Alarming report reveals number of Ayrshire households living in fuel poverty


New figures have shown that an alarming number of households in Ayrshire live in fuel poverty.

Figures from Energy Action Scotland (EAS) indicate that 23% of households in South Ayrshire are considered ‘fuel poor’.

But the figure for East Ayrshire is even worse – with 27% of households struggling to pay their fuel bills.

North Ayrshire tops the region’s fuel poor list with 28% of households affected by the problem.

The statistics are contained in a new report from the EAS and were geographically captured for the first time.

Topping the list are the Western Isles, where 40 percent of households struggle to pay their fuel bills, compared to just 13 percent in wealthy East Renfrewshire.

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Fuel poverty is defined by the Scottish Government as any household spending more than 10 percent of its income on energy – after deducting housing costs.

The Scottish average was 24 percent of all households.

“It is perhaps not surprising to most people that the Western Isles are the most fuel-poor part of the country given inclement weather conditions, reliance on electric heat and low levels of energy efficiency, but the extent of the problem is alarming, “EAS said. Managing Director Frazer Scott.

“Two out of five households cannot afford to heat their house is a problem that must be addressed urgently”,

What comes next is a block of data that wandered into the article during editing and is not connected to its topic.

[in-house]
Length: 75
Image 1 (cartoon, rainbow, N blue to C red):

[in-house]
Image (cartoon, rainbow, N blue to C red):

EAS is now urging the UK government to cut VAT on energy bills, redistribute the VAT windfall already received to help those on the lowest incomes, and consider ‘sweeping reforms’ to ensure protection for consumers. vulnerable households poor in fuel.

Mr. Scott said: “This is not a problem that is going to go away; it is only likely to get worse.

“We estimate that as prices soar, more than 100,000 additional households will find it difficult to heat their homes.

“We urgently need more government action to improve the energy efficiency of homes across the country, but especially for households that suffer from the highest rates of fuel poverty. “

Industry analysts have warned that continued volatility in wholesale energy markets could push the average household energy bill to more than £ 700 to £ 2,000 per year from April.

Mr. Scott added: “Continued inaction will cost lives. Over 2,000 more people die in winter when cold, damp homes reduce health and well-being than they do in summer.

Meanwhile, Ayr MSP Siobhian Brown is urging locals to check if they are eligible for financial assistance from a Scottish government program to tackle fuel poverty.

Warmer Homes Scotland has been supporting the people of Ayr constituency since 2015 – homes saving an average of £ 240.37 per year on their energy bills.

The program provides a step-by-step service to identify where energy improvements can be made in the home, such as new central heating systems or air source heat pumps, and has these jobs done by licensed craftsmen.

It is open to owners or tenants of private owners.

Ms Brown said: “I am delighted to hear that the Warmer Homes Scotland program has supported 370 people in my constituency since 2015.

“However, the reality is that many more may be eligible for help to make their homes warmer, greener and more comfortable. I encourage everyone to check their eligibility, as the enhancements offered by the program could make a real difference financially now and in the years to come.

Warmworks Scotland Managing Director Ross Armstrong said: “The Warmer Homes Scotland program has been helping people across Scotland to feel warmer and more comfortable in their homes for six years.

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